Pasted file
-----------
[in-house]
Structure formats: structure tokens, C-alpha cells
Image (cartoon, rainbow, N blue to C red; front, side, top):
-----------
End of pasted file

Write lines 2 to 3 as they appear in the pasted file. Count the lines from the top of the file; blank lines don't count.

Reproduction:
Structure formats: structure tokens, C-alpha cells
Image (cartoon, rainbow, N blue to C red; front, side, top):